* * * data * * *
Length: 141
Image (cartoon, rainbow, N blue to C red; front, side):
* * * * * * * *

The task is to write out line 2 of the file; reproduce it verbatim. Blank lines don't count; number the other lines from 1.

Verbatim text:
Image (cartoon, rainbow, N blue to C red; front, side):